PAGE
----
Rick Perry’s FB Page ‘Bombed’ With Questions About ‘Lady Parts’

Mar 21, 2012 1:55pm
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Perry's Facebook Bomb

Texas Gov. Rick Perry’s Facebook page was dripping with sarcasm this morning as hundreds of people flooded the page with mocking and often graphic questions about their women’s health issues.

From menstruation to menopause, women and men from around the country filled the page with questions for “Doctor Perry” in protest against Texas’ decision to cut Planned Parenthood out of the state’s Medicaid Women’s Health program.

“I know you want to be involved in my reproductive health, so I thought I’d let you know my period started a little early this month. Do you think that’s okay?” one woman asked.

“Rick since you know my body better than I do can you please reply to my emails and telephone calls regarding my ever so troubling menstrual flows?” another woman posted. “I’ve been gushing like a stuck pig and I can’t decide what to do about it. It’s getting pretty messy here and I need your help. What do I do? You know best as your medical experience and knowledge is second to none, so please do advise what to do soon.”

The “sarcasm bomb” as one website called it was likely in retaliation to Texas stripping Medicaid funds from health care clinics, such as Planned Parenthood, that are affiliated with abortion providers.

In response to Texas’ law, which took effect last Wednesday, the Obama administration eliminated federal funding for the state’s Medicaid Women’s Health Program, which provides things like cancer screenings, HIV testing and birth control to about 130,000 Texas women who earn less than $20,000 per year.

The administration claims the state was violating the Medicaid program’s rules that allow patients to choose their health care provider. Perry has vowed to keep the program up and running by replacing the more than $30 million in federal funds with state money.

Perry spokeswoman Catherine Frazier said the individuals involved in the Facebook protest “are basing their opinions on something other than the facts” since “Gov. Perry is proud of his efforts to keep this program going with or without the federal government.”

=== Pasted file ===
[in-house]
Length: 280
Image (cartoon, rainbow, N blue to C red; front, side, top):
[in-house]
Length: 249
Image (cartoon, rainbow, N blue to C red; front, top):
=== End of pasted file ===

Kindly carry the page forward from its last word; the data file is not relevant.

“The comments you are referring to are not just sarcastic, they are inappropriate and do nothing to advance the important discussion about issues surrounding the Women’s Health Program,” Frazier said in an email.

Similarly sarcastic Facebook attacks have been launched against Kansas Gov. Sam Brownback and Virginia Rep. Ryan McDougle, both Republicans, over their policies to limit abortion access. Brownback supported a bill that would raise taxes on women seeking abortions.

“Hey Governor Brownback, I was just wondering if you could help me decide what brand of tampons to buy,” one woman wrote on his Facebook page. “I’m sure you’re very busy and I’m sorry to bother you. It’s just that as a woman, I just don’t feel comfortable making these important decisions without input from a male politician.”

McDougle got the same treatment.

“I just wanted to let you know, since you’re so concerned about women’s health, that my period started today!” a woman posted on his Facebook page.

McDougle sponsored a bill requiring women seeking an abortion to first have an invasive ultrasound to determine the fetus’ gestational age.

The Virginia Gov. Bob McDonnell signed a toned-down version of McDougle’s ultrasound bill earlier this month, which now requires women to have a conventional ultrasound before receiving an abortion.

McDougle, Brownback and Perry have all scrubbed nearly all of the sarcastic comments from their pages, but not before they were forever memorialized in screenshot such as this and this.

Sarah Wheat, a spokeswoman for Planned Parenthood of the Texas Capital Region, said the now de-funded organization was not involved in the Facebook protests, but that the group has seen an enormous amount of support.

“I just think we are at that enough is enough point,” Wheat said. “The agenda is so extreme and the impact so extraordinary that it is really galvanizing and mobilizing Texans in a way that we haven’t seen to this extent before.”

The most recent cuts to Planned Parenthood, which Wheat said provides care to 40 percent of the women enrolled in Texas’ Medicaid women’s health program, come on the heels of $73 million in across-the-board cuts  to the state’s women’s health programs that went into effect in September.

As a result of those cuts, the group closed 12 health clinics. More closures are now planned because of the most recent funding cuts, Wheat said.

Between 150 and 300 outraged women and Democratic lawmakers have protested the Medicaid cuts outside the Texas Capitol every Tuesday for the past month.

“It was just the tipping point for me,” said Austin-based musician Marcia Ball, who organized the three “Seeing Red” protests. “I got fed up. The most recent ruling… was just such an egregious slap in the face of all the women of Texas, all women, and such a terrible policy decision and so hurtful.”

Ball, who said she was not involved in the Facebook protest, said she supports the the coy online outreach because it “really spotlighted the ridiculousness of what they are doing.”

“1000 people wrote to him!” Ball said. “People are up in arms and they are going to use any voice they can.”

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